Tuesday, April 1, 2008

History in the Making

I would have loved to tell you that I came across these articles, in the tradition of the great scholars of the old days, as I shuffled through the dusty Time archives here in New York. It would have made a much better story than "I stumbled across a link to Time Magazine's digital archive of every article they published from 1923 to today." Not as dramatic. But, its true.
Basically those are extended pieces on Mohamed Naguib in 1952 just after the revolution (blessed movement?, military coup? you pick), and King Farouk in 1951 just before it. They were both featured on the respective covers. I think these are fascinating pieces. The ability to basically go back in time and take a look at what people in a country that (at this time) had almost no interest or preconception about Egypt or Egyptians is just refreshing. Also, the fact that the Time is a weekly magazine makes its articles (especially at these days when news cycles were measured in months) somehow immune to spin and revisionist looks at history. Basically, men el a'7er ya3ni, this is what people thought about the events, and the people at the time.
So, what did they think?
Well, when it comes to the corruption of the royal family and the conditions of average Egyptians before the revolution, Nasser and Co. weren't as disingenuous as I thought they were (not to the same extent at least). Here is how the magazine describes what could have been called "The Two Egypts":

The ancient land of the Pharaohs last week lay drowsily under the parching sun, the Nile Delta a green lifeline beset by the hot brown desert. The river, swollen with the muddy waters from the Sudan and the Ethiopian mountains, as always carried life and hope; as they had for centuries, pregnant peasant women ate mud from its fertile banks, believing that it would make their unborn children strong. Yet even the Nile could not accomplish that miracle. In Egypt, two out of four children die before they are five years old, and the survivors are almost certain to be diseased. In fields which they do not own, 14 million fellahin (70% of Egypt's population) labor over crops whose fruit they will not eat, for wages (average 10¢ a day) which barely keep them alive.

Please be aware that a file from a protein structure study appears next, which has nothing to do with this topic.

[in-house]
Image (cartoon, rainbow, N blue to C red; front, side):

They live in mud huts, sleep on reed mats, dress in rags, eat the bread of the poor (there are two types of bread in Egypt, the good white bread from Egypt's abundant wheat being available only to the rich).

Egypt's ruling class, as stupid, selfish and corrupt as any in the wor,ld, is unconcerned. This summer, as in every summer, the rich fled screeching, scorching Cairo and were relaxing in cool Alexandria or, like their King, on the Riviera. When they return to Cairo later in the fall, their womenfolk diamond-studded and sheathed in Parisian gowns, they will take up life in a small world of their own, which moves between exclusive clubs, theaters and palaces. They own most of Egypt's land, pay ludicrously small taxes.

(Somethings never change, especially the bread bit!)

Somethings were actually much more surprising (or at least unconventional), like for instance Naguib's willing to "settle differences with Israel" (Sigh- they were called "differences"!!)

...Dean Acheson let it be known that the price of U.S. arms aid to Egypt would be 1) Egypt's settling its differences with Israel, and 2) Egypt's joining the Middle Eastern Defense Organization proposed by the British. Naguib might possibly favor both proposals, in private...

The articles are both very highly recommended readings. If only to read such terms as "The Reds", "The desert rats", and "The Gyppos" mentioned in all journalistic seriousness, or to figure out why the Time nicknamed Farouk, the locomotive.

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